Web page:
Just like carrots, scientists have confirmed the existence of a celery allergy via a double-blind, placebo-controlled food challenge. In a 2000 study in The Journal of Allergy and Clinical Immunology, 32 subjects with a history of adverse reactions to celery root were tested and the results showed, in part, that all patients with positive DBPCFC results were sensitized either to birch tree pollen (91 percent) or to mugwort (64 percent) pollen. Note that celery contains allergens that are resistant to cooking and processing, so you might still experience symptoms.
Those with a mugwort allergy beware of ingesting chard because it can elicit the same allergic reaction. A review that appeared in the World Journal of Methodology showed that mugwort and chard were listed as one (of many) cross-reactive pairs.
Although a garlic allergy is relatively rare, the mugwort-mustard allergy syndrome applies to other plant foods, including garlic.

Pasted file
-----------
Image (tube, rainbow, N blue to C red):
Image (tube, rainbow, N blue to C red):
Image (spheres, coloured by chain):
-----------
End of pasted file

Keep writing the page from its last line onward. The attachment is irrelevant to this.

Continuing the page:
It should come as no surprise that there’s also cross-reactivity between mugwort and onion, which is a close relative to garlic. In a Japanese study, onions were one of the causative foods in those with mugwort pollen-specific IgE antibodies.
Zucchini has also been shown to cause a cross-reaction with ragweed. In a 2000 study in The Journal of Allergy and Clinical Immunology, abstract researchers studied four people with a confirmed zucchini allergy and found that proteins from zucchini reacted with antibodies.
Aniseed is yet another food that causes similar allergy symptoms as mugwort. A study in the journal Clinical and Experimental Allergy found that Bet v 1- and profilin-related allergens may be responsible for an allergy to anise, fennel, coriander, or cumin, all Apiaceae spices.
As you might have guessed, caraway, which is also a member of the Apiaceae family, is part of celery-mugwort-spice syndrome. According to a Swiss study, caraway, fennel, cumin, coriander and aniseed extracts had similar IgE-binding patterns in an individual with aniseed allergy.